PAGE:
Garden Gadgets

A  robotic gray mower with no handlebar

Our homes are becoming increasingly filled with gadgets that make life easier, and luckily there are quite a few for the garden too. Technological advancements have made it possible for lawn mowing and irrigation to be fully automated. There are tools to measure rainfall, soil moisture, and weather conditions that will send data right to your phone. Many are affordable as well, so a high-tech garden is within reach for everyone!

Robotic Lawnmower

You’ve likely already used or seen robotic vacuum cleaners, but did you know you can also get a robotic lawnmower? No more suffering in the summer heat to cut the lawn! You simply set a boundary for the mower and then program your desired settings such as mowing schedule and grass height. Features vary by model, but many can be controlled from your phone and/or connect to your smart home system. Expect to pay $600 for a basic model to several thousand dollars for a top-tier robotic lawnmower.

Smart Camera

Whether you’re hoping to birdwatch or see who is responsible for nibbling the greens in your garden, installing a smart camera might be the answer. Many types are available, such as cameras designed for mounting in a birdhouse or models with night vision for 24/7 wildlife monitoring. You can typically watch the footage on your phone or even on your TV. Lower-end models cost as little as $30, while those loaded with features can cost several hundred dollars.

Indoor Hydroponics Unit

A white rectangular plastic container with three small herbs growing and a light arm fixed overhead

Indoor hydroponics units are an easy way to grow veggies, herbs, and flowers within the comfort of your home. They are as simple to use as pod-based coffee machines; all you need to do is pop the pods containing soil and seeds into the machine and fill it with water. It has a lamp to provide light to your seedlings that you can move up as they grow. You’ll pay between $30 and several hundred dollars for the unit, plus an additional cost for the seed pods. Check out our tutorial for setting up a tabletop hydroponics unit.

Pollinating Tool

Growing fruits and vegetables in an urban area can be difficult due to a lack of pollinators. Fortunately, a handheld gadget exists that allows you to hand-pollinate your plants. It resembles a toothbrush, with bristles that vibrate. You simply move the vibrating tool from one flower to the next to distribute pollen. This tool is also helpful for indoor or greenhouse gardens, where pollinators cannot reach your plants. The price tag is quite reasonable, with most models costing between $15 and $50.

Self-Watering Containers

Remembering to water potted plants can be a struggle. Luckily, there are now plenty of containers on the market that can do it for you. They range in size from small pots to tall, vertical units, but they all contain water reservoirs that will send water up to your plant as it needs it. This means you only have to check the reservoir every once in a while! Prices for these containers are on par with regular pots of the same material, so they can be as affordable or luxurious as you desire.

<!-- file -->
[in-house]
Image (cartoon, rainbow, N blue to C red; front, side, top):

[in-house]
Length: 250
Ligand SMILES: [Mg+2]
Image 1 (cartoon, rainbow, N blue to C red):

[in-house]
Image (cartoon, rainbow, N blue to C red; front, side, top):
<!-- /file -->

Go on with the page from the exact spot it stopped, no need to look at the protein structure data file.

Seedling Heat Mat

A tray of individual soil cups with seedlings

Seedling-germination rate depends in part on soil temperature, and that can be within your control with heating mats. These mats go underneath your seedling trays and keep the trays at the optimal temperature. They are also waterproof, so you don’t have to worry about spills. Prices vary based on the size, but they tend to run between $10 and $20 per mat.

Smart Rain Gauge

Irrigation doesn’t have to be a guessing game anymore. With a wireless rain gauge, all you have to do is check the digital screen to see how much rainwater your garden has received. Fancier models will check other weather conditions, such as temperature, humidity, and wind speed/direction. Some also have apps, so you can quickly check your yard’s weather data from your smartphone. Prices start at $30 for basic models and go up with additional features.

Soil Moisture Sensor

A gloved hand inserting a sensor into a garden bed

If you’re new to gardening, it can be hard to tell whether your plants need water or not. Luckily, all you need is a soil moisture sensor to precisely tell you when your plants are thirsty. Simply insert the sensor a few inches into the ground and it will indicate whether the soil is dry, moist, or wet. These sensors aren’t a major investment since basic models cost around $10 and fancier digital sensors start at $20.

Smart Irrigation

Your irrigation can be completely automated with a smart irrigation system. A smart irrigation system will calculate how much water to apply and when depending on weather conditions. You can check the system’s app to see how much water you’ve used and to alter your irrigation schedule. Some models can also be integrated into your home’s smart system if you have one. Prices vary by model, but they typically start at a hundred dollars for a unit with the features we mentioned.

Two people kneeling on a home lawn installing tubing in the ground
UF/IFAS researchers installing a smart irrigation system


There are many apps available to help you in the garden, but the UF/IFAS Center for Land Use Efficiency has developed several that are all based on the latest research. There’s one on Florida trees, a vegetable planting guide, a Florida-Friendly Landscaping™ plant guide, an app for landscape pests, and more. Get details about these apps and download them here.

As always, contact your county Extension office with any questions as you introduce new technologies to your garden.

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